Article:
Third Annual Bat FestNature July 20, 2018
Third Annual Bat Festival July 21
PAGE, Arizona – The third annual Glen Canyon Bat Festival is being held on Saturday, July 21 (5 to 10 p.m., MST) and everyone is invited to attend. The National Park Service (NPS) and Glen Canyon Natural History Association (NHA) are hosting this event in the Wahweap District of the park; at the Lake Powell Resort Lawn. Festivities will include informational booths, kid-friendly crafts and activities, guest presentations, and bat discovery walks.
North American bat populations are facing unprecedented threats from habitat loss, disease, wind energy development, and misunderstanding. This bat festival will highlight the role the public can play in bat conservation efforts and celebrate the ecological services bats provide, such as pest control, seed dispersal, and pollination).
“We get to live our lives relatively pest-free here because of the hard work of bats,” said Amanda Boston, program coordinator for the Glen Canyon NHA. “There are a lot of misconceptions about bats, and the point of hosting this festival with the park is to celebrate these underappreciated mammals and our unique relationship with them.”
Guest speaker Jason Corbett, Director of the Subterranean Program from Bat Conservation International, will present on the potential impacts of white-nose syndrome on Southwestern United States cave roosting bat species. Student Conservation Association NPS Academy intern, Ashley Xu, will delve into the inspiration behind her studies and provide an engaging introductory presentation for participants new to the world of bats.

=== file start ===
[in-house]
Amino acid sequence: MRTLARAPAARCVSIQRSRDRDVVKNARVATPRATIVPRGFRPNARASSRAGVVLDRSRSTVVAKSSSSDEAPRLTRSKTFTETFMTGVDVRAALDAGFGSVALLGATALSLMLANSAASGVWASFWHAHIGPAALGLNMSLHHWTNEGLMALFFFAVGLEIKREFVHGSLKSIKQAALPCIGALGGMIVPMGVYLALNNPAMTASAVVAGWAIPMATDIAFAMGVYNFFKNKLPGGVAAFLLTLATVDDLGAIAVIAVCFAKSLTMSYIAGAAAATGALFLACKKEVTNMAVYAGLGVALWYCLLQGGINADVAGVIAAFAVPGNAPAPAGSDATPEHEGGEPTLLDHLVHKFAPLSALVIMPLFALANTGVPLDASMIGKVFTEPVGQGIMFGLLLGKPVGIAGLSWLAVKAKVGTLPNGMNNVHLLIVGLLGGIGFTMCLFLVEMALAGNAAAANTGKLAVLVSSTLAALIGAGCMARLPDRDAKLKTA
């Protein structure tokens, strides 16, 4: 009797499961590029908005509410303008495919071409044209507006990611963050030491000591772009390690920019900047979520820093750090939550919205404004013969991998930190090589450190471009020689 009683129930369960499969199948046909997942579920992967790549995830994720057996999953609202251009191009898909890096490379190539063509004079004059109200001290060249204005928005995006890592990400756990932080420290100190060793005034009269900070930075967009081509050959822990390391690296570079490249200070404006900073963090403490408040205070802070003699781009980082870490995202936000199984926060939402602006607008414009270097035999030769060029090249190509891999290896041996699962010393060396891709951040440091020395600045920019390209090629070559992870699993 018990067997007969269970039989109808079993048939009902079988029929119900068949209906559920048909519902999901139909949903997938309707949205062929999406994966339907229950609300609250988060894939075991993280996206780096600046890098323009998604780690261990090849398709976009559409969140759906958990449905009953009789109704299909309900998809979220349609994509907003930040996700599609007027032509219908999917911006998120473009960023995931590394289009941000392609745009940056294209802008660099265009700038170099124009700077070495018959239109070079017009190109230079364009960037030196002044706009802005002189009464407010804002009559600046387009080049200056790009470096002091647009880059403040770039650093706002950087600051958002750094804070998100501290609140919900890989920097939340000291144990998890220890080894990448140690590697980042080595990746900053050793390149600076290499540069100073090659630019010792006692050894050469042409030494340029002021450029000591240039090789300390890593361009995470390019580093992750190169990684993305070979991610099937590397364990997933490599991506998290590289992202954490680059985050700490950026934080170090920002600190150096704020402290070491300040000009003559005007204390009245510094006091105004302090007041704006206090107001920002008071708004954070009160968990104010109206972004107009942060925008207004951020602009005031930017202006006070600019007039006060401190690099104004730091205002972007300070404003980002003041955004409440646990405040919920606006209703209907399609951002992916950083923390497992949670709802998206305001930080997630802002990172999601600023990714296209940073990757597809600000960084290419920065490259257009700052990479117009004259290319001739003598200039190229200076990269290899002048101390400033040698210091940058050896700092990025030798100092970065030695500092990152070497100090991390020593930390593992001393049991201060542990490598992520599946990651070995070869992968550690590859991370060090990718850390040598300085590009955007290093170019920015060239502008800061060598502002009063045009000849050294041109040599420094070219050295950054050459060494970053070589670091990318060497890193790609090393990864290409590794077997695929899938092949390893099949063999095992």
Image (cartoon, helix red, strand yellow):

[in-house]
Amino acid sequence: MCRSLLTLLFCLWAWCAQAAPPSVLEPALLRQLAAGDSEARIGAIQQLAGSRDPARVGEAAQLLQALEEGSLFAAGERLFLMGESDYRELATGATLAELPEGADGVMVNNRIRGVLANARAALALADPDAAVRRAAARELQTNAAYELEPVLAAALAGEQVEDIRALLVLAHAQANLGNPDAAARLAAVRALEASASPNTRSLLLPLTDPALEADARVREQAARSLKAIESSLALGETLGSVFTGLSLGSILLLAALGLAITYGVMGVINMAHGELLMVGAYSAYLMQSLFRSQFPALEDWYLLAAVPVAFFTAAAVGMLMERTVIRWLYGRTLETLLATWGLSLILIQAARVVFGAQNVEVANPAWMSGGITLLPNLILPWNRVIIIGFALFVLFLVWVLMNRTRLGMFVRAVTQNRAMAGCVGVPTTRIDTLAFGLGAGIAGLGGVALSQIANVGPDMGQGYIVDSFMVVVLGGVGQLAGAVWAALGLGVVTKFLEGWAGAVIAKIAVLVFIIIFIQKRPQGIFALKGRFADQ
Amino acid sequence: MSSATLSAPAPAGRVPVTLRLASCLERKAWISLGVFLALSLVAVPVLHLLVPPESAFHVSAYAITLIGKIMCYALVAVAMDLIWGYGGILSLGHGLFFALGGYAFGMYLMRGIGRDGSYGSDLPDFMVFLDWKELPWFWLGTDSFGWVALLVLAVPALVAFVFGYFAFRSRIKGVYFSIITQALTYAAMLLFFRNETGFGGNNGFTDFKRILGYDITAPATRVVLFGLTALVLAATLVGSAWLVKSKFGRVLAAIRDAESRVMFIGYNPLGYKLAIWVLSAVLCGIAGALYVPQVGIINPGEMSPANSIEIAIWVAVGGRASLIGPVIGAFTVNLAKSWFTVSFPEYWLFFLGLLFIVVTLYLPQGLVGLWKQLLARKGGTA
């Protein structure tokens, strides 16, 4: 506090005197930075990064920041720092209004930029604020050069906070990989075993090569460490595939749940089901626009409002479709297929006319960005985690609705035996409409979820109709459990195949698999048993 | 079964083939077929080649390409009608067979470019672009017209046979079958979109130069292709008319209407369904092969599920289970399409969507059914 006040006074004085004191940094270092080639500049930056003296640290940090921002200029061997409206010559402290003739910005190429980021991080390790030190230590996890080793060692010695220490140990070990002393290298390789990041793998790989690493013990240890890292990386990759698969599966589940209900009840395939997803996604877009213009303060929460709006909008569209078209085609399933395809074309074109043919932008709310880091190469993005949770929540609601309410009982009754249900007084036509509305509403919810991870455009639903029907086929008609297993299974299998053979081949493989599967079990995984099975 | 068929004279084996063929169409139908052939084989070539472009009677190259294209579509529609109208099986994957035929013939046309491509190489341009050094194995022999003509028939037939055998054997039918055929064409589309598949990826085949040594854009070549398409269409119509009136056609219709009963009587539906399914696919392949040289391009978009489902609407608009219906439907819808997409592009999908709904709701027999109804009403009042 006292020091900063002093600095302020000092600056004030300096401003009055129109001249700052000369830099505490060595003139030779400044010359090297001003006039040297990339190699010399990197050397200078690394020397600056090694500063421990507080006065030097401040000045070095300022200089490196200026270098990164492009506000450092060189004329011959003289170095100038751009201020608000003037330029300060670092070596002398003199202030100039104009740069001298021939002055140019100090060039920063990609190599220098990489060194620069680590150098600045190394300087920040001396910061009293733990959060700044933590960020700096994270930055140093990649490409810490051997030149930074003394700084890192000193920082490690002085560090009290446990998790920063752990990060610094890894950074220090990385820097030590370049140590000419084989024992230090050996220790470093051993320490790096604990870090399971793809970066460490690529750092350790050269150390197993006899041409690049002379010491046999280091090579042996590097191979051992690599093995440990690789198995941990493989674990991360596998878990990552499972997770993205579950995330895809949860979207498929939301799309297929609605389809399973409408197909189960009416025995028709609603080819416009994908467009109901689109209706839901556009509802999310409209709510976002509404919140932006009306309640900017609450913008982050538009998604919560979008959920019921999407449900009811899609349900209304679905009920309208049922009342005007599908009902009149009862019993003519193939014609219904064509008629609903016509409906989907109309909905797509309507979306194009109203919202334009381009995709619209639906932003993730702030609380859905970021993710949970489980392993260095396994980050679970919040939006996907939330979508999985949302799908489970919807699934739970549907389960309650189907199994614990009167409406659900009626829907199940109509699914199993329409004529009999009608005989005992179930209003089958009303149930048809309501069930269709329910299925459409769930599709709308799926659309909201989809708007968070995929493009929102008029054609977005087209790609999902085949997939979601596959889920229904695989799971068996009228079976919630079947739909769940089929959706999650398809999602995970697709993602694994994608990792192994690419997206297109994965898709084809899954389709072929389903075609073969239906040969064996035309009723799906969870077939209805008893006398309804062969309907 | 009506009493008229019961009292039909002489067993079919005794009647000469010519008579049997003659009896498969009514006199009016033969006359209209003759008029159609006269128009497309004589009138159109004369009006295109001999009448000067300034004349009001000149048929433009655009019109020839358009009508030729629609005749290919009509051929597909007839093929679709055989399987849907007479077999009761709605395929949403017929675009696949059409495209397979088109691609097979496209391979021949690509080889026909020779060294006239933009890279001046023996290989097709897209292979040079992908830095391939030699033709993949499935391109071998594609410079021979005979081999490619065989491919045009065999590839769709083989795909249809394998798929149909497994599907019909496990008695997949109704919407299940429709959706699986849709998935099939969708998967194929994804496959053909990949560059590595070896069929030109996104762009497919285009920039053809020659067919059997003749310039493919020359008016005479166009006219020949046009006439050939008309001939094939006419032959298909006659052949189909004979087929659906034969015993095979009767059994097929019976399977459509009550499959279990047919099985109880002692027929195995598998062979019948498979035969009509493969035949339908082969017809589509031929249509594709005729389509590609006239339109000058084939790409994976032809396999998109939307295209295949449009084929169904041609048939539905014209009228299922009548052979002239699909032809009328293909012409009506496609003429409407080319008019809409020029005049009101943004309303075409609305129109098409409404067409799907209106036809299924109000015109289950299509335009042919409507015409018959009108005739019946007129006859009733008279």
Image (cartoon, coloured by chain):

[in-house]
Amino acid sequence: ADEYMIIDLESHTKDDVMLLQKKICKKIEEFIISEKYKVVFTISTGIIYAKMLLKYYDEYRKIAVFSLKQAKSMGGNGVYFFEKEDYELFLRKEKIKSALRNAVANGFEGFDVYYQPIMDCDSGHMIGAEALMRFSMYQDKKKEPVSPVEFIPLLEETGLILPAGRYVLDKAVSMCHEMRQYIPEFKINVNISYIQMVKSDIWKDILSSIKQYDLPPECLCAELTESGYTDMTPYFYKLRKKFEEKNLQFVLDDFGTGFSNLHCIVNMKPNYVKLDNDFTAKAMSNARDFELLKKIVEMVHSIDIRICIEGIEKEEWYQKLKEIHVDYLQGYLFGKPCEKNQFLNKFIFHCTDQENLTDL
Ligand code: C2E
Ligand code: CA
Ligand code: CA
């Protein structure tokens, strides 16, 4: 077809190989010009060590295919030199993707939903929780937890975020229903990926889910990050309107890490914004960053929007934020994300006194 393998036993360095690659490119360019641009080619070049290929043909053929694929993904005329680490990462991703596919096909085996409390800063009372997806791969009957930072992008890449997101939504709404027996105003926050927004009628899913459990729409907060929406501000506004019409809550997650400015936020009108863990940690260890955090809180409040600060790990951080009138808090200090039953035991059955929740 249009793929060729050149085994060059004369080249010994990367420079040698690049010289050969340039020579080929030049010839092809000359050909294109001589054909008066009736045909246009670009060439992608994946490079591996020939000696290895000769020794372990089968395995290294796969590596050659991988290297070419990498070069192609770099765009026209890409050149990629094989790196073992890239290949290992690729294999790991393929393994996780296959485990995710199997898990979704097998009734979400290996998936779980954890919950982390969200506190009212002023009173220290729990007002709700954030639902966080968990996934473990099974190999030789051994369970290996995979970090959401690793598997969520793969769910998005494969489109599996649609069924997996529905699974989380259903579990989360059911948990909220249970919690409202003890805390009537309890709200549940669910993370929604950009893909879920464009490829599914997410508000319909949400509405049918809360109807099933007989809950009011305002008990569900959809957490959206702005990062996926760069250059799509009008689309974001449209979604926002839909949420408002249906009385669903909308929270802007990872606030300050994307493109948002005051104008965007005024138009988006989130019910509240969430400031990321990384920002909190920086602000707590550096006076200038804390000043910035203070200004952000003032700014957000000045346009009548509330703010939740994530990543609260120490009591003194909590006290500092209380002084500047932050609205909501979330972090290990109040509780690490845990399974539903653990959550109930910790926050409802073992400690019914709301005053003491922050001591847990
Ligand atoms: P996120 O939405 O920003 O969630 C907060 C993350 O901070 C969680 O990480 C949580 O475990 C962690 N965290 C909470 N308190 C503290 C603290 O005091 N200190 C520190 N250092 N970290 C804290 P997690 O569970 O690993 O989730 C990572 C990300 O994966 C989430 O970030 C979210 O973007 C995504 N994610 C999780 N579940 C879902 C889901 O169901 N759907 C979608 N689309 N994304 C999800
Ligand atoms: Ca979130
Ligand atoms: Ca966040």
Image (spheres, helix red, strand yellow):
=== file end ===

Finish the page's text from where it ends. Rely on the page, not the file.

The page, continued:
According to Lonnie Pilkington, Natural Resources Program Manager with the NPS at Glen Canyon, “recent bat monitoring efforts have enabled park scientists and the public to better understand occurrence, distribution, and abundance of bats within the park and contribute to long-term continental bat monitoring efforts (i.e., North American Bat Monitoring Program).”
Bat discovery walks are being held at 7:20 and 9:00 p.m. on an easy one-mile guided walk between the Lake Powell Resort and Lake Powell. Using iPads and other wildlife monitoring devices, participants will have a chance to use some of the available technology to identify bat species by sound.
Photo: Citizen scientists from Page High School and Grand Canyon Youth recently utilized bio-acoustic monitoring technology to monitor bats along the San Juan River. Participant Names L to R in Photo: Antonia Muskat (Page High School Student), Mark Allen (Grand Canyon Youth Rafting Guide), Tanner Wilburn (Page High School Student), Unknown (Hidden Participant), and Grace Carpenter (GLCA Biological Science Technician). NPS Photo.
Rainbow Bridge National Monument was established before the NPS in 1910 and Glen Canyon National Recreation Area joined the family in 1972. The recreation area stretches for 1.25 million acres from Lees Ferry in Arizona to the Orange Cliffs of southern Utah, encompassing scenic vistas, geologic wonders, proposed wilderness areas, and a vast panorama of human history. Last year, approximately 4.6 million park visitors enjoyed these national treasures, added $425 million in economic output, and supported 5,148 local jobs.
More information is available on each park’s website: Glen Canyon National
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